Update, August 2017: Bassel’s family has received confirmation of his execution by the Syrian regime in late 2015, shortly after he was removed from the Syrian prison where he was being held.
Update, November 2015: Creative Commons and others report that Bassel’s life may be in immediate danger. Noura Ghazi Safadi, Bassel’s wife, wrote on Facebook on Nov. 12th that “I’ve just gotten disturbing and shocking news that Bassel has been sentenced to death. I think this means that the transfer to military prison was very dangerous. I really don’t know other news. May God help him, we hope it’s not too late. We are worried sick about his life.”
The ancient city of Palmyra in Syria has been targeted for destruction by the extremist group ISIL (or ISIS). Bassel Khartabil, an open-source advocate and Wikipedian who was determined to digitally preserve the city for future generations, has been detained by the Syrian government for three years. He was recently moved out of the prison where he was being held; his current location is unknown, and his friends and family fear for his safety.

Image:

Palmyra has been described as “one of the most renowned archaeological sites in the world,” and “home to some of the world’s most magnificent remnants of antiquity.” Recognized as a World Heritage Site since 1980, artifacts found at this desert oasis have been dated to as far back as the Neolithic period, about 9,500 years ago. As a crossroads along a main east-west trade route, the city played an outsized regional role for many years, dating to the third century BCE. Many of the city’s ruins remain unexcavated, but archaeological digs have been halted since the onset of the Syrian Civil War.
In May 2015, the ancient city was taken by ISIL, which is notable not only for its conquest of large swathes of Syria and Iraq but also for their destruction of cultural heritage. While the group initially stated it would spare much of the site, destroying only monuments that they found “polytheistic,” they have subsequently razed even ruins without religious significance. A Roman amphitheater has been used for executions, and an eminent Syrian archaeologist known as “Mr. Palmyra” was beheaded in August following a month of torture. On October 6, it was confirmed that ISIL had destroyed the Arch of Triumph—a triple arch constructed by the Romans in the second century CE to commemorate a victory over Persian forces.